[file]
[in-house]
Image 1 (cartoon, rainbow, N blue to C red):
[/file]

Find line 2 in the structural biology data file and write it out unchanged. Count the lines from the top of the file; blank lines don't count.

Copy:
Image 1 (cartoon, rainbow, N blue to C red):